HP, Epson, Lexmark, and some of the others use the same technology to tell you how much ink you have left to prevent you from printing. The printers have built-in memory that remembers the serial numbers off the last couple cartridges you use, and the *estimated* ink levels.
They can't actually measure how much ink you have left, so they estimate how much would have been used based on the length of the pages sent to the printer, the percentage of surface area covered in ink, and the color of ink. This info is then fed to the printer, which is regurgitated to you when you check the ink level. If it believes the ink level has dropped to 0, it may refuse to print, depending on how the setup was designed. You then are forced to ditch the old cartridge and buy a new one. It matters not if ink actually remains!
The reasoning behind this is to prevent the refilling of their ink cartridges. The companies fought hard to make it illegal, but the courts decided against them in just about every case. So, they decided to make it difficult for the end user to refill the cartridges themselves, resulting in most simply giving in and buying new from the manufacturer.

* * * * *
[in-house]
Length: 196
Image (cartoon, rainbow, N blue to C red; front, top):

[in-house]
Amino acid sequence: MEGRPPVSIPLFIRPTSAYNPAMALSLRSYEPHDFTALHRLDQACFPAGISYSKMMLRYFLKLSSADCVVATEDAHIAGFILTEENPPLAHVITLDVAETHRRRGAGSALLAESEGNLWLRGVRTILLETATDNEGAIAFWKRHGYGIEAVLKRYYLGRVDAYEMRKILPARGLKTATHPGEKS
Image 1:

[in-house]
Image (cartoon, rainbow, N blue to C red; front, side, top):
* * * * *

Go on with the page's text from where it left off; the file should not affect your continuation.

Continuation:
On HPs, this can be circumvented by cycling through 4 different cartridges. (The printer only remembers the last 3, so after inserting #4, the ink level for #1 is lost and assumed to be 100% upon re-entry.) Another solution is placing a piece of tape over select contacts (varies by model), which makes the printer think it's a different cartridge because the serial number cannot be read properly. Some Epsons, though, make it more difficult, requiring you to purchase a chip resetter for the cartridge if you wish to refill it.
It took me a little while, but I figured out how to just keep refilling the cartridges on my HPs using a strip of tape. I can now refill each cartridge four times before it needs replaced, giving me 5 cartridges for every 1 I purchase.